By EDWARD HUSAR
Herald-Whig Staff Writer
Nineteen third-graders at Washington Elementary School are getting a helping hand with their literacy skills thanks to a grant from the Raymond, Norbert and Eleanor Rueter Fund.
The fund -- administered by the Community Foundation of the Quincy Area -- awarded a $4,410 grant to Washington School in October. That money is being used to pay six teachers to come in early or stay late three days a week to provide "extended day" tutoring for the 19 students.
The goal is to boost the academic performance of the selected third-graders, all of whom had been performing below third-grade standards in reading and writing.
Principal Sara Cramer said the students chosen for the program were at least 1 1/2 to two years behind in their literacy skills, based on standardized tests given three times a year.
Cramer said it's important for third-graders to have basic reading and writing skills before they enter Baldwin Intermediate School as fourth-graders, so she was grateful to see the grant come through as a way to help the 19 targeted students.
"We picked third-graders (for the extended day program) because if they do not know how to read and write by the time they leave third grade, there's research out there that says they probably will not be successful from there on out," Cramer said.
The extended-day tutoring is given to students on Mondays, Tuesdays and Wednesdays for about 30 minutes each day. Students either come to school early or stay late to get the individualized help.
The students also receive additional "interventions" during the normal school day to help bump up their literacy skills -- on top of attending their regular classes.
"So they're actually getting two extra layers of support on top of what every child is getting in the classroom," Cramer said. "We're very hopeful that we'll have the results we're looking for and see a boost in their reading achievement and their writing achievement."
Alisa Sanders, a Reading Recovery teacher and literacy coach-in-training at Washington School, is one of the six teachers involved in the program. She feels the tutoring is helpful to students -- especially because it takes place at the beginning or end of the day and is in addition to regular classroom work and other interventions offered at school.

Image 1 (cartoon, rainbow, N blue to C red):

"As teachers, our biggest constraint seems to be time. And the fact that people are willing to look outside of our school day can really help benefit these kids," Sanders said.
"The most important instruction for these kids is their core classroom instruction. One reason we're lucky enough to have this grant is that we don't have to pull them from any other type of instruction that they're receiving during the day to receive an extra intervention on top of what they're already getting in the classroom."
Matthew Mann, a 9-year-old third-grader, is a participant in Washington's extended-day tutoring program. He likes the program and feels it's helping him become a better reader and writer.
"It helps us so we can get our reading skills up more and that we can learn new things about words and letters and apostrophes," he said during a break in one tutoring session this week.
"We come here to read and write about what the characters (in storybooks) are doing and saying, and who's the bad one and who's the good one in the story," he said.
Matthew said he doesn't mind staying after school several times a week to work on reading and writing.
"We don't care -- until it's summer break when it's really nice outside," he said.
The Raymond, Norbert and Eleanor Rueter Fund offers grants each year to local educators as a way to help students who need some specialized education to improve their academic performance.
Cramer submitted the grant application because she was looking to create an extended-day tutoring opportunity that would dovetail with literacy intervention programs already offered by the district.
Cramer said she initially checked to see if any money for extended-day services might be available through the district's Title 1 federal funding, which goes to certain schools with a high percentage of students from low-income homes.
"At that point in time, it did not look like there would be any funding available for extended-day provided through the district," Cramer said. "So I thought this (grant program) would be an opportunity to service some kiddos, and we were fortunate enough to receive the funding."